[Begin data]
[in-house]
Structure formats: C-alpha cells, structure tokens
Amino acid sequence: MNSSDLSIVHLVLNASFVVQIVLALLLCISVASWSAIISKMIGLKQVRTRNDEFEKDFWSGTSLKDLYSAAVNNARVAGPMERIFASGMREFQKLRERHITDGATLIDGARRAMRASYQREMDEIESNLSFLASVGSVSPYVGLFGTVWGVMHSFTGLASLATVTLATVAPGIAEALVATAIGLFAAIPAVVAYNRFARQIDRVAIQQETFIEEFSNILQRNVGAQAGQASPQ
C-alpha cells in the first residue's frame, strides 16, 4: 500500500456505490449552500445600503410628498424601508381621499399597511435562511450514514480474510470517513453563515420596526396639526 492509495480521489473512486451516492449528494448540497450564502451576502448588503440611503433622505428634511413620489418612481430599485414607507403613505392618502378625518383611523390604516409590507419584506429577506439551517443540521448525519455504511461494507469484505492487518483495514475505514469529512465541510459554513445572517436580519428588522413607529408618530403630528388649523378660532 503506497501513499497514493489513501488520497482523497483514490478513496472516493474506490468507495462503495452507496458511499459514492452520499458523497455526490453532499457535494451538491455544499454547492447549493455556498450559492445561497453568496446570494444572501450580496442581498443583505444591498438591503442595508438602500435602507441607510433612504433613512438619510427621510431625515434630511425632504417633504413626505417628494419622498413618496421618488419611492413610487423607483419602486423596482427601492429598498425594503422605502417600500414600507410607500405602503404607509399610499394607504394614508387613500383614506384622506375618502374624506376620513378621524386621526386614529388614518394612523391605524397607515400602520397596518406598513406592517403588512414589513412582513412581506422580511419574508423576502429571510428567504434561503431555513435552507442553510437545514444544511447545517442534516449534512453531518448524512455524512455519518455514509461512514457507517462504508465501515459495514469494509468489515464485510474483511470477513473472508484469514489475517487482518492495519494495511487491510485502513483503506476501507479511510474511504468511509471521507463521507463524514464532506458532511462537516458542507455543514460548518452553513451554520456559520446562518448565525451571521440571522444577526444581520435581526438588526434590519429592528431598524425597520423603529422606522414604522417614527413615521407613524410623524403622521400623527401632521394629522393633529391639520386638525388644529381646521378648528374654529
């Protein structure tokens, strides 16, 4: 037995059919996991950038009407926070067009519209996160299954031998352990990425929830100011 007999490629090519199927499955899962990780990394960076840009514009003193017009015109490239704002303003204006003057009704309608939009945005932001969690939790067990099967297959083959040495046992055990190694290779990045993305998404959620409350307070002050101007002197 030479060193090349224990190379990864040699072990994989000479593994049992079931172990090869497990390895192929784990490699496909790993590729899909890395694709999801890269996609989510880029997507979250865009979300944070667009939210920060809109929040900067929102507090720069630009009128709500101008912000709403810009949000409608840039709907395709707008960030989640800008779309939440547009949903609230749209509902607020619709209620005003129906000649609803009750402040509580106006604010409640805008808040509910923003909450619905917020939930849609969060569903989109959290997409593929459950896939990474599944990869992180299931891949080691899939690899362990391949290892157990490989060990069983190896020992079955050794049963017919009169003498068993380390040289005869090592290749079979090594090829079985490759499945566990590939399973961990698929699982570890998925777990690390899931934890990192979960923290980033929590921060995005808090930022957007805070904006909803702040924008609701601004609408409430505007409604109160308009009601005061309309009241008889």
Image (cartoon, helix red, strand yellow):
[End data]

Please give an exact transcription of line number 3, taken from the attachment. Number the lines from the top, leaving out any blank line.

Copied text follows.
Amino acid sequence: MNSSDLSIVHLVLNASFVVQIVLALLLCISVASWSAIISKMIGLKQVRTRNDEFEKDFWSGTSLKDLYSAAVNNARVAGPMERIFASGMREFQKLRERHITDGATLIDGARRAMRASYQREMDEIESNLSFLASVGSVSPYVGLFGTVWGVMHSFTGLASLATVTLATVAPGIAEALVATAIGLFAAIPAVVAYNRFARQIDRVAIQQETFIEEFSNILQRNVGAQAGQASPQ